Fall 2014 – Research Story
Cancer Center Launches Global Initiative
Headshot Isabel Scarinci smaller

By Sara Davies

Published with permission from the Comprehensive Cancer Center Magazine

In recent years, the National Cancer Institute (NCI) and other cancer agencies have begun to address the increasing burden of cancer worldwide, and the UAB Comprehensive Cancer Center holds the same aspirations of expanding its global footprint.

As a long-standing NCI-designated institution, the Cancer Center has many investigators, research projects and other activities on the global front. To further these globalization efforts, the Cancer Center recently appointed Isabel Scarinci, Ph.D., M.P.H., as its inaugural associate director for globalization and cancer. She joins the senior leadership team at the Cancer Center and will lead the initiative to expand UAB’s global footprint.

Dr. Scarinci has extensive research and clinical experience with underserved populations in the American South and Brazil. “Not many people have the fortune to work with two minority populations and earn credibility in both,” she says. “I try to be an advocate for them. I don’t think research is enough if you do not advocate for them.”

Dr. Scarinci has two research grants in her home state of Brazil – one on breast cancer and one on tobacco use. Dr. Scarinci has funding from the National Institutes of Health and organizations such as Susan G. Komen for the Cure to promote cancer screenings and tobacco control among African-Americans and Latino immigrants. “That has been very rewarding, coming full circle to give back to the people who didn’t have the opportunity that I had,” she says. She travels to Brazil twice a year to conduct research, which also allows her to see her family more frequently.

Dr. Scarinci was also recently appointed as Honorary Consul for Brazil. The Brazilian Consulate in Atlanta approached her about the position, and after the Brazilian government gave its clearance, the U.S. Department of State made her appointment official in 2014.

“Essentially, my role is an extension of the Brazilian Consulate in Atlanta to better serve the Brazilian citizens in Alabama,” Dr. Scarinci says. “I will also seek to foster and promote relationships between the state of Alabama and Brazil in the areas of business, economics, education, cultural arts and other areas. It’s an exciting opportunity, and one that I hope will benefit Alabama and Brazil.”

Dr. Scarinci’s appointment by the UAB Comprehensive Cancer Center director, Edward Partridge, M.D., will further the proactive globalization efforts she has already accomplished.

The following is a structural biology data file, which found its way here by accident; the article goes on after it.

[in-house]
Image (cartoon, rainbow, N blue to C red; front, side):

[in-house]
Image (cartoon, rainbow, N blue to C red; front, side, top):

“Isabel is a true leader in community-based participatory research, both at home and abroad, and will bring extensive experience and vision to this newly created position. I am very excited about her new role,” says Dr. Partridge.  

In 2011, NCI addressed the increasing burden of cancer by establishing the Center for Global Health (CGH). CGH develops initiatives and collaborates with other NCI divisions, NCI-designated cancer centers and countries to support cancer control planning as well as cancer research and cancer research networks in low- and middle-income countries. This team is responsible for coordinating and prioritizing NCI’s global activities to advance global cancer research, build expertise, and leverage resources across nations to address the challenges of cancer and reduce cancer deaths worldwide.

While the number of cancer survivors in the United States continues to rise, the disease is still a major concern globally, responsible for one in eight deaths – 8.2 million people – worldwide. Lung, liver, stomach, colorectal and breast cancers cause the most cancer deaths each year. About 30 percent of cancer deaths are due to the five leading behavioral and dietary risks: high body mass index, low fruit and vegetable intake, lack of physical activity, tobacco use and alcohol use.

As one of the 41 NCI-designated comprehensive cancer centers, UAB must take proactive steps in its globalization efforts with cancer. “Our longstanding work in under-resourced populations prepares us for this mission, and what we learn in other countries may well apply to our population also,” Dr. Partridge says. “It’s an exciting area for research, and we are proud to be one of the institutions leading the way.”